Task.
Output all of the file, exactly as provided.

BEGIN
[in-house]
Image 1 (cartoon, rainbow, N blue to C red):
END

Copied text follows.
[in-house]
Image 1 (cartoon, rainbow, N blue to C red):